In the process of writing Building PHP Applications in Docker, I ran across a number of great tools and resources for PHP developers who want to get started using Docker. One tool that I’ve since started using for some of my side projects is Laradock, a docker-based development environment for PHP applications.
Many PHP developers are used to virtual machines, which allow them to set up all the necessary services (eg: databases, caches, application servers, etc.) at once, but things aren’t quite so simple when moving to Docker. Laradock gives you a package of Dockerized services that are commonly used in PHP projects and lets you get started with Docker without writing a single
docker run command. It’s pretty amazing.
Last week, I got to interview Mahmoud Zalt, the creator and maintainer of Laradock to hear about his experience with Docker, PHP APIs, and dig into some of the use cases for his Docker-based tool. If you want to learn more about Mahmoud’s work, be sure to check out his website as well as his Github profile.
I started my career as a Java desktop Apps developer and got introduced to PHP in late 2012, after joining a startup that uses it for its web services. I hated PHP at the beginning, but after discovering Laravel in early 2013 I started accepting it.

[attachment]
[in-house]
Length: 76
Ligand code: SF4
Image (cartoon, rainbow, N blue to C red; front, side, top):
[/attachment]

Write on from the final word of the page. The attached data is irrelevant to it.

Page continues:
I’ve been using Docker since mid-2014. I fell in love with it after the first try. I was impressed by its booting speed compared to Vagrant, and the flexibility it gave me to switch between different versions of the same software.
In the early days of Docker, booting multiple containers wasn’t an enjoyable process. I used to have scripts to automate booting multiple containers until Docker Compose showed up and solved that problem.
First I started looking for some open source, pre-configured docker images as a ready Docker environment for my personal PHP Apps. For some reason, the existing solutions used to contain all the software (PHP, MySQL, NGINX, etc.) in a single container, which prevents benefiting from the real power of Docker.
So I had to build my own solution, which consists of multiple separated Docker images that can be booted by a single
docker-compose command to serve all my PHP Apps with the fewest modifications.
Before attending Laracon EU 2015, I wanted to make a new open source project for the Laravel community. Just four days before the conference, I released the first version of Laradock, as an alternative to Laravel Homestead for the Docker users. I remember pitching it to Taylor Otwell offstage, who liked it, although he hadn’t had a chance to play with Docker before.
Later, due to the large adoption from the PHP community, I modified Laradock to support more PHP projects as well. I would like to take this opportunity to thank all the contributors and the awesome maintainers of Laradock, for making this project as cool as it is today.
My short answer would be “Laradock is for PHP developers of any level who want to setup their development environment, using Docker without learning about it.”